Another line in the song is “He’s coming back, if he goes ten thousand miles”. That immediately reminded me of the song variously known as Fare thee well or 10,000 miles, an English folk song best known in the version by Mary Chapin Carpenter used in my favourite movie, Fly away home (non-spoiler trailer, spoiler fan edit – well guess how it ends: a) she succeeds, or b) she fails). Another song which uses the same distance is an Irish/Australian folk song Ten thousand miles away, in which the distance is more literal, referring to someone (either the singer or her/his love) being transported as a convict to Australia.

So what is it about ten thousand miles? The circumference of the Earth is approximately 24,900 miles/40,070 km, meaning that antipodal points are approximately 12,450 miles/20,035 km apart. But sailing ships use nautical miles, which are slightly longer, and this converts to approximately 10,818 nautical miles. But song lyrics do not have to be exact, and we can make some allowance for approximation and poetry.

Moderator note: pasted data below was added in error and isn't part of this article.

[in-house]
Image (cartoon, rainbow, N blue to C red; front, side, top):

Aeroplane flights can be close to a direct line (note that a direct line on a three-dimensional globe doesn’t always look like a direct line on a two-dimensional map – aeroplane routes almost always looked curved on a map). But sailing voyages can’t travel any great distance in a direct line because of all that land in the way. The First Fleet, which transported convicts to Australia in 1787/8, travelled approximately 15,000 miles/24,000 km in visiting Rio de Janeiro and getting round Africa.

Because the northern hemisphere is mainly land and the southern hemisphere mainly water, there are very few antipodal points on land. Africa, Europe and most of Asia is antipodal to the Pacific, and North America to the Indian. Conversely, Australia is antipodal to the north Atlantic and most of South America to the north Pacific. So the only antipodal points on land are clustered around Chile and Argentina with China and Mongolia, northern South America with South-East Asia, New Zealand with Spain/Portugal, Africa and western Asia with a few Pacific islands, and Australia with Bermuda and the Azores. The north and south pole are antipodal but the former is not on land. The east and west poles are a silly joke by A A Milne in one of this Winnie-the-Pooh books.